Federal Circuit Reminds Us That Extrinsic Considerations Are Narrowly Construed in Trademark Matters

2018 saw a number of important trademark cases decided across the United States.  Two cases illustrated the similarities between genericness analysis and one of the likelihood of confusion factors considered by the Trademark Trial and Appeal Board (“TTAB”).  Royal Crown Co., Inc. v. The Coca-Cola Co., 892 F.3d 1358 (Fed. Cir. 2018) and Omaha Steaks … Continue Reading

When appealing bears fruit: Pear Technologies v EUIPO – Apple

Are apples different from pears? Or are they both just fruit? Or, as cockney rhyming slang would have it, are they stairs? These are the questions (excepting the last one) that the distinguished judges of the Court of Justice of the European Communities (CJEU) have been gr-apple-ing with in the recent case of Pear Technologies … Continue Reading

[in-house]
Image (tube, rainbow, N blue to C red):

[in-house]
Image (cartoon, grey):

Apple Closed Two of Its Stores in Eastern Texas. The Reasoning May Surprise You – How patent laws can affect key business decisions

Apple, the technology giant which runs successful Apple Stores all over the world, announced that it will close its only two stores in eastern Texas by Friday, April 12. Apple, however, did not announce why it was closing those two stores. This is especially intriguing since Apple likely generates millions of dollars in revenue each … Continue Reading

1-800 Contacts Unlawfully Restricted Competitors’ Trademark Use in Search Engine Marketing

The Federal Trade Commission (FTC) recently decided that agreements reached by 1-800 Contacts, Inc. with a number of its competitors to settle claims that the competitors’ online search advertising infringed on 1-800 Contacts’ trademarks unlawfully restricted the competitors’ ability to engage in search engine marketing, to the detriment of both consumers and search engines. The … Continue Reading